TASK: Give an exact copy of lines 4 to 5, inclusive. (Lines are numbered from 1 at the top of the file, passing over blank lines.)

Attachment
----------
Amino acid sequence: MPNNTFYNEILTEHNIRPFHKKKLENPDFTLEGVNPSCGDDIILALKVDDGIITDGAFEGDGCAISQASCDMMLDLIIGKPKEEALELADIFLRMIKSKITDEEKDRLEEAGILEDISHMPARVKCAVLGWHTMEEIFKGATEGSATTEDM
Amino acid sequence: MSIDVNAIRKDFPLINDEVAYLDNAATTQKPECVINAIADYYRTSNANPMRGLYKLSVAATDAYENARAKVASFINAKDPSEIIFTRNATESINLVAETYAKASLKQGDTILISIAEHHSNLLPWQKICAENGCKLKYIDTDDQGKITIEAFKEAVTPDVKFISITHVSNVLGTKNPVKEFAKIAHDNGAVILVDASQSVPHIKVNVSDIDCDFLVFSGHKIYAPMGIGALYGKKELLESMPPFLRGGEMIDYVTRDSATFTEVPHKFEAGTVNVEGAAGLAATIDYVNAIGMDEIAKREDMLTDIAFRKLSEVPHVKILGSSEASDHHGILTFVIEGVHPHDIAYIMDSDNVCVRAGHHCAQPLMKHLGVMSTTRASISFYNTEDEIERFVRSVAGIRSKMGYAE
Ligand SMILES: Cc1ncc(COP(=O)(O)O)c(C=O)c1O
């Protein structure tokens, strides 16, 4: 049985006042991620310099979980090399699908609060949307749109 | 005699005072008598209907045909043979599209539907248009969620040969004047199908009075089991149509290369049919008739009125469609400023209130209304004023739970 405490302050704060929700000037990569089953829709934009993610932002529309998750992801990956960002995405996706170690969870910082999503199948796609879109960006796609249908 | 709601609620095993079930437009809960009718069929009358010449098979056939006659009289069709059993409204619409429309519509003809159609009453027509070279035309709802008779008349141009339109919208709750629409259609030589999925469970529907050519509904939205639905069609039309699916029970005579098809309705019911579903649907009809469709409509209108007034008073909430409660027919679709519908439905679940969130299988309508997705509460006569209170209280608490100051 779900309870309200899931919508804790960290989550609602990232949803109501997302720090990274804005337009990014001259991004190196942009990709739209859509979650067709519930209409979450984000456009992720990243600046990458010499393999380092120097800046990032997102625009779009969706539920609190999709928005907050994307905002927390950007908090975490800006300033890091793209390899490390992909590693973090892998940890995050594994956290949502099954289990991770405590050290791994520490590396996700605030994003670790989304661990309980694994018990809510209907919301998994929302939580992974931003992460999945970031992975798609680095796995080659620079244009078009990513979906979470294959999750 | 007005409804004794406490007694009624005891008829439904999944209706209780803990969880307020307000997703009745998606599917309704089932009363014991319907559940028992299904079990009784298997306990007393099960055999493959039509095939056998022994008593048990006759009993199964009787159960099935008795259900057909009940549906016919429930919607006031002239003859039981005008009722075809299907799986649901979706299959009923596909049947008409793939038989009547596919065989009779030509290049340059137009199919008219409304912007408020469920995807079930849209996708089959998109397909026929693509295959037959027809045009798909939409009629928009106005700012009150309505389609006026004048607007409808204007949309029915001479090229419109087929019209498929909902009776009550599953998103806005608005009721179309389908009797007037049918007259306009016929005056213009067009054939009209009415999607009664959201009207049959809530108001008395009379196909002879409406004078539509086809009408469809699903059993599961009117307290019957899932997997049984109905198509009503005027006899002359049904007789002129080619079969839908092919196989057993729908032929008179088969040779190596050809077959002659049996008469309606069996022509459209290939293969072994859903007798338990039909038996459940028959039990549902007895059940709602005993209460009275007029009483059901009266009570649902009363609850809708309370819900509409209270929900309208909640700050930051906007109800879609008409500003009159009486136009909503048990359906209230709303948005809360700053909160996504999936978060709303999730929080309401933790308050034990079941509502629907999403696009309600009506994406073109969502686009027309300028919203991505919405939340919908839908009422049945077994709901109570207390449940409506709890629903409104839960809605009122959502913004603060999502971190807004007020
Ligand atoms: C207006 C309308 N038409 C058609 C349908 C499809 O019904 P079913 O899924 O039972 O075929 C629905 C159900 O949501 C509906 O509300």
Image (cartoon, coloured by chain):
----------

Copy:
């Protein structure tokens, strides 16, 4: 049985006042991620310099979980090399699908609060949307749109 | 005699005072008598209907045909043979599209539907248009969620040969004047199908009075089991149509290369049919008739009125469609400023209130209304004023739970 405490302050704060929700000037990569089953829709934009993610932002529309998750992801990956960002995405996706170690969870910082999503199948796609879109960006796609249908 | 709601609620095993079930437009809960009718069929009358010449098979056939006659009289069709059993409204619409429309519509003809159609009453027509070279035309709802008779008349141009339109919208709750629409259609030589999925469970529907050519509904939205639905069609039309699916029970005579098809309705019911579903649907009809469709409509209108007034008073909430409660027919679709519908439905679940969130299988309508997705509460006569209170209280608490100051 779900309870309200899931919508804790960290989550609602990232949803109501997302720090990274804005337009990014001259991004190196942009990709739209859509979650067709519930209409979450984000456009992720990243600046990458010499393999380092120097800046990032997102625009779009969706539920609190999709928005907050994307905002927390950007908090975490800006300033890091793209390899490390992909590693973090892998940890995050594994956290949502099954289990991770405590050290791994520490590396996700605030994003670790989304661990309980694994018990809510209907919301998994929302939580992974931003992460999945970031992975798609680095796995080659620079244009078009990513979906979470294959999750 | 007005409804004794406490007694009624005891008829439904999944209706209780803990969880307020307000997703009745998606599917309704089932009363014991319907559940028992299904079990009784298997306990007393099960055999493959039509095939056998022994008593048990006759009993199964009787159960099935008795259900057909009940549906016919429930919607006031002239003859039981005008009722075809299907799986649901979706299959009923596909049947008409793939038989009547596919065989009779030509290049340059137009199919008219409304912007408020469920995807079930849209996708089959998109397909026929693509295959037959027809045009798909939409009629928009106005700012009150309505389609006026004048607007409808204007949309029915001479090229419109087929019209498929909902009776009550599953998103806005608005009721179309389908009797007037049918007259306009016929005056213009067009054939009209009415999607009664959201009207049959809530108001008395009379196909002879409406004078539509086809009408469809699903059993599961009117307290019957899932997997049984109905198509009503005027006899002359049904007789002129080619079969839908092919196989057993729908032929008179088969040779190596050809077959002659049996008469309606069996022509459209290939293969072994859903007798338990039909038996459940028959039990549902007895059940709602005993209460009275007029009483059901009266009570649902009363609850809708309370819900509409209270929900309208909640700050930051906007109800879609008409500003009159009486136009909503048990359906209230709303948005809360700053909160996504999936978060709303999730929080309401933790308050034990079941509502629907999403696009309600009506994406073109969502686009027309300028919203991505919405939340919908839908009422049945077994709901109570207390449940409506709890629903409104839960809605009122959502913004603060999502971190807004007020
Ligand atoms: C207006 C309308 N038409 C058609 C349908 C499809 O019904 P079913 O899924 O039972 O075929 C629905 C159900 O949501 C509906 O509300």